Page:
Against the drama of the surrounding peaks we felt secure in our little vehicle which progressed steadily along the narrowest of boreens. Our only living companions in this place were sheep, easy to discern because of their brightly dyed coats.
While driving on roads such as this is a richly rewarding experience, you also need to get out and encounter the wildlife close-up.
We are always on the lookout for adventures, and we don’t have to be travelling far away from home in order to find them. In our experience, the ‘small roads of Ireland’ – wherever they are – can take us to unexplored territory.
Road repairs in rural Ireland peak in the summer months. Favourable weather is responsible. Always be ready for holdups and diversions. ‘Boreens’ – narrow roads in country areas – are often unable to take the machines required to cut edges, fill potholes and restore surfaces while letting traffic through at the same time. In the worst cases, alternative routes can add many kilometres to a journey. So, when setting out, always leave yourselves plenty of time.
Here’s our Yeti straddling the border between Cork and Kerry on the Priest’s Leap road. That’s one of our favourites: the scenery is outstanding, but there can be problems if you meet someone coming the other way. In fact, that difficulty is present on very many of our local byways: hone your reversing skills!
It’s not always other vehicles you have to watch out for . . .
A rural road can be a challenge: never be in a hurry. You just have to go with the flow, even if that means reversing for half a mile. In that situation, of course, the main difficulty is making the decision as to who will have to reverse: you, or the vehicle coming the other way. If that oncoming vehicle is a large tractor and trailer, you may not have much choice.
Yes, there are still a few roads around in very out-of-the-way places which are not surfaced as you might expect. They fit well into their rural surroundings!
Take care not to get lost . . . Some of these boreens are not even marked on the map!
Give a thought to those who built these byways: quite a lot of engineering has been involved in carving through rocks to create a more or less level route.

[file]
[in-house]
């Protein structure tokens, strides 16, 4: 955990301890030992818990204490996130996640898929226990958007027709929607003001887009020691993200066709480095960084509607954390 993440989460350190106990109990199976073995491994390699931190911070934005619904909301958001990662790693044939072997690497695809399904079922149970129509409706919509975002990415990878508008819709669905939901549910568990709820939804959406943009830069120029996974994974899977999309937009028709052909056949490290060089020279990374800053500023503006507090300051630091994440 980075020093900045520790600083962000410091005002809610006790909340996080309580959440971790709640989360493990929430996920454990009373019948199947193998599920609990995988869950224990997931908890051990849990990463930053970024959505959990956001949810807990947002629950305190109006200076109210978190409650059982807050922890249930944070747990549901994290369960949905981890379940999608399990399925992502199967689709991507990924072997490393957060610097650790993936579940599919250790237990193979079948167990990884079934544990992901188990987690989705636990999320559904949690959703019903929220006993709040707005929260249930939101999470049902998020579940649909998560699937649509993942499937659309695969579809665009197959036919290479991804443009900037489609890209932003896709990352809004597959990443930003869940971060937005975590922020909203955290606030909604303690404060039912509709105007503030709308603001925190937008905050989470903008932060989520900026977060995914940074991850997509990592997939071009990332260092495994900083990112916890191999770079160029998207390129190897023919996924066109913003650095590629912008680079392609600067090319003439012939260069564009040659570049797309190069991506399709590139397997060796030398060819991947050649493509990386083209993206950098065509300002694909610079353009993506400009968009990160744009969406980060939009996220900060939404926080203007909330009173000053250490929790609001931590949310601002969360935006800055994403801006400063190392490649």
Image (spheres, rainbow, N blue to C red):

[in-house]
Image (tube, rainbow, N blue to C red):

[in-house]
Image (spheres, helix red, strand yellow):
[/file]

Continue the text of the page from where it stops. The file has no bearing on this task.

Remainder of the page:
Some roads lead to a dead end. I prefer those that fly high – over the mountain passes; the scenery never disappoints.
. . . The Road goes ever on and on Down from the door where it began. Now far ahead the Road has gone, And I must follow, if I can, Pursuing it with eager feet, Until it joins some larger way Where many paths and errands meet. And whither then? I cannot say . . .
from ‘the old Walking Song’ by J R R Tolkein
There’s always a reward to be had for travelling uphill: it’s the view from the top!
It’s been a very busy week! The best part about it was that my sister, Aoibhinn (pronounced Eeving), is visiting and she and I were able to do lots of things together. That’s her in the coral jacket, above. You see, she has ME, or Chronic Fatigue Syndrome, and she was really nervous about her ability to participate in the activities I had booked or planned, or stay the course once on them.
Aoibhinn does really well at managing her condition, but she has to be very careful or she can end up in a major crash. She struggles with tiredness and pain all the time (sore joints, headaches) but finds that sea swimming helps her cope mentally, so she was up for one of the things we planned to do together, our Dawn Swim and Pilgrimage with Gormú. We met Conor and Celine, and two other participants at Castlehaven and started off by walking the short way up to the Holy Well, where we heard of St Barrahane. Readers may remember Conor from the Placenames post.